There are three key milestones in 2019 which will shape the way 5G networks are deployed and the use cases they can support in future. These are the next phase of Release 15 standards from the 3GPP; and two big decisions by the ITU (International Telecoms Union) – the selection of official IMT-2020 technologies, and the allocation of global 5G spectrum bands at the World Radio Conference 2019.
Both the ITU events will take place towards the end of next year, while the next stage in 3GPP standards-setting has been postponed by three months. The ‘late drop’ of specifications for Release 15 was due to be frozen at the turn of the year, but that will no happen in March.
Many of these developments will be predictable. The majority of the specs and the spectrum bands will be geared to conventional mobile operator business models and will largely build on what has already been done – shaped by the existing cellular industry – for LTE and early 5G.
But there are signs of disruption afoot too. Qualcomm has confirmed that the next full release of 5G standards – Release 16, due in 2020 – will include specs for 5G New Radio (NR) in unlicensed spectrum. Harnessing the Multefire technology which Qualcomm itself developed, those radios could even be deployed by non-MNOs (Multefire allows cellular technology to run in shared spectrum without an anchor network in a licensed band).
Meanwhile, four of the candidates to be anointed as official IMT-2020 standards (which means they must conform to a long list of requirements set by the ITU) are based on 5G New Radio (NR), sometimes in combination with LTE-Advanced. Those are being submitted by 3GPP itself, and by national bodies from countries which aim to be in the forefront of 5G technology and implementation – China, Korea and India.
But the fifth candidate is unrelated to 3GPP – and it does not come from the IEEE (many had expected a WiFi submission, but that has not transpired). Instead, it is from ETSI and the DECT Forum, with a proposal geared to IMT-2020’s IoT-related requirements, and based on the venerable technology best known in cordless phones.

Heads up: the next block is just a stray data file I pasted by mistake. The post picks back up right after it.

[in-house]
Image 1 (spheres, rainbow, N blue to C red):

The ETSI submission to IMT-2020 is based on DECT’s Ultra Low Energy (ULE) protocol, which the Forum argues is highly relevant to 5G applications in industrial, healthcare and other markets where there will be large amounts of IoT traffic indoors. The Forum is working on an interworking protocol, called DECT-5G, that would allow DECT and ULE to interface seamlessly with the 3GPP’s 5G NR, and in turn allow DECT-based applications to emerge wherever there was a 5G connection. The full DECT argument can be read here.
These examples show how MNOs will be challenged, not just in the commercial world – where webscale, enterprise and cable operators are looking to muscle in on the mobile value chain – but even in fundamental processes of standardization and spectrum allocation.
The prospect of 5G being deployable in unlicensed spectrum will help capitalize on the many opportunities emerging for private and industrial cellular networks, supporting specialized vertical market requirements. However, there were fears that 5G-Unlicensed would be pushed back to Release 17, and not make it into mainstream equipment and devices until 2022 or later.
But at this month’s 3GPP meeting in Sorrento, Italy, it was agreed to initiate a work item, called NR-U, which will define how 5G NR runs in unlicensed spectrum.
The work item covers six scenarios with different functionalities. These are:
- carrier aggregation within one eNodeB
- dual connectivity (across two eNodeBs)
- LTE anchor in licensed spectrum
- 5G NR anchor in licensed spectrum
- uplink only in licensed spectrum, downlink only in unlicensed spectrum
- standalone operation (no licensed spectrum anchor – clearly the most disruptive).
It will target the 5 GHz band, and also the 6 GHz band, which is just being opened up for unlicensed use in the USA, with other countries likely to follow. The WiFi community clearly hopes to dominate 6 GHz as it has 5 GHz, but may have to accept sharing it with cellular in the future.
There are more details from Lorenzo Casaccia, VP of technical standards at Qualcomm Europe, in this blog.